Coccus Pocus 2020: a microbiology-inspired scary story competition

Posted on April 21, 2021   by Dr Georgios Efthimiou

In October 2020, the Department of Biomedical and Forensic Sciences at the University of Hull launched an exciting scary story competition for Halloween: Coccus Pocus 2020! The event was organised for a second time, following a successful trial run in 2019.  Read this blog to find out more about this year's competition. 

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For 2020’s Coccus Pocus competition, the scary stories focused on biofilms and antimicrobial resistance (AMR). Biofilms are the thick, slimy layers formed on various surfaces by pathogenic microbes. These biofilms protect against antibiotics, detergents and the attacks from the immune system. In addition, increases in AMR in harmful micro-organisms is a major public health concern, as it is leading to a huge increase in untreatable, life-threatening infections, especially in hospital environments. 

The competition was supported by the National Biofilms Innovation Centre as part of their #BiofilmAware campaign, which is all about helping people to understand what biofilms are and why they are so important.  

Four academics and researchers from other UK universities kindly offered to act as Coccus Pocus Ambassadors, communicating the event at their institutions: Dr Morgan Feeney from the University of Strathclyde, Dr Leena Kerr from Heriot-Watt University, Dr Nadia Andreani from the University of Lincoln and Mr Giridhar Chandrasekharan from the University of Warwick. The event was also advertised via Twitter and received very good comments. 

Contestants were encouraged to write a short horror or sci-fi story between 500 and 2,000 words, including themes of antimicrobial resistance and/or microbial biofilms. The evaluation committee ranked stories according to the intrigue of their plot, use of language, character description and scientific soundness.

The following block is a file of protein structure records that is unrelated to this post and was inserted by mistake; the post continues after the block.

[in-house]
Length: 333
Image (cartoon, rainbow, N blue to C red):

First prize was awarded to Farhana Alam Burnett, a microbiology PhD student at the University of Birmingham. Her thrilling story, Persisters, is about a domestic fungal biofilm that does much more than smelling bad! Download and read Farhana's story below:


Amisha Sathi, an undergraduate from the University of Warwick received the second prize for her story Abnormal, where the protagonist fights a horde of slimy hostile creatures in a post-apocalyptic horror setting. Download and read Amisha's story below:


Finally, Bethany Pearce, again an undergraduate student from the University of Warwick was awarded the third prize for her story Day 0, which tells us a tale about a patient suffering from an antibiotic-resistant superbug infection that spreads rapidly all over the hospital. Download and read Bethany's story below:

Day 0

Coccus Pocus was also advertised to several secondary schools, with a separate category for 12–17 years-old pupils; however, there were no entries from that age group this year (perhaps they were too shy).  

We aspire that the competition will be held again and again around the country and even abroad (we actually received a few entries from continental Europe this year), aiming to increase public awareness about the important problem of AMR and biofilms and boost the enthusiasm of young people about the fascinating field of microbiology. 

Coccus Pocus will run again in October 2021. Can you think of any biofilm or AMR-related scary stories? Would you like to be one of our Coccus Pocus Ambassadors? And…which university or school will claim our next trophy? 

Read all about Coccus Pocus 2019 in this blog.